Author(s): Jael S Batista, Moacir F Oliveira, Tiago S Teófilo, Ana CFC Sousa, Wanderson LA Santos, Igor RG Lopes, Ana IBB Gadelha, Moisés D Tertulino, João VO Gurgel, Radan EM Oliveira
Keywords:necropsy, obstruction, ratites, sablosis.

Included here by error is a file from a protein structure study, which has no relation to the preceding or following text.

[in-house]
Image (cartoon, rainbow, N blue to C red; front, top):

Pathoanatomical studies of diseases that affect wild animals are extremely important as appropriate measures can then be taken for the prevention and control of such diseases. We report here the case of death of a greater rhea (Rhea americana) by intestinal intussusception secondary to the ingestion of a large amount of sand. The animal was bred at the Center for Multiplication of Wild Animals of the Federal Rural University of the Semi-Arid. The animal died after presenting clinical signs of apathy, weakness, prostration, and inability to move, drink water, or eat. After death, the carcass was immediately sent for necropsy. During necropsy, intussusception was found involving the jejunum, ileum, and colon. The duodenum contained large amounts of coarse sand. The invaginated intestinal segments were reddish in color, with necrotic spots, and covered by a fibrinous exudate. Histopathological examination of the invaginated segments showed necrosis of the enterocytes, detachment of the intestinal epithelium, and the presence of inflammatory cells. The ingestion of a large amount of sand may have resulted in altered intestinal transit, contributing to the occurrence of intussusception, which resulted in ischemic alterations, intestinal necrosis, and consequent death of the animal.
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